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Join us for Towards a Region of Short Distances, a 2-hour virtual panel discussion.
Team: Elijah Coley, Adam Bettcher, Lisa Awazu Wellman
Before the Second World War, central Puget Sound cities grew around neighborhood nodes that were naturally limited to walkable radii around transit access. Development after the 1940s prioritized automobile mobility. Automobile dependence became a hallmark of late-20th and early-21st century American life, and the Seattle metro area is no exception.
Much of the area within the central Puget Sound Urban Growth Area is auto-dependent. Strip-mall highways surround miles of cul-de-sac subdivisions in suburbs such as Mill Creek and Maple Valley. Even some older neighborhoods within Seattle city limits such as Laurelhurst, View Ridge, Magnolia, and Beacon Hill have vast areas that are not conventionally walkable due to single-use neighborhoods, highways, and terrain. As we densify without improving walkability, automobile dependence increases, and further strain is placed on our infrastructure.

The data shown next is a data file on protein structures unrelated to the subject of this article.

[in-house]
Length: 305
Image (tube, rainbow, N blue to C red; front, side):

As we move toward independence from automobiles, the structure of our urban environment must change so that no urban places are dependent on the automobile. In a post-coronavirus world, this strategy of short distances is important for public health to reduce the viral transmission that naturally occurs at large, amalgamated suburban centers.
How do we incrementally reshape our region to eradicate urban automobile dependency? A “City of Short Distances”, in which most needs of daily life are a short walk or bike-ride away, is the logical path forward for our region. Through this panel discussion, we seek ideas that explore seeding areas of the greater Seattle region plagued by poor walkability with incrementally developed “microneighborhoods” at walkable intervals to restructure our region. We will be joined by the jurors of our larger design competition and hope to showcase some of the work submitted. Join us to discuss the past, present, and future of Seattle’s urban structure.
Learn more about the competition that inspired this panel. Please note that the competition submission deadline has been pushed back to September 25, 2020.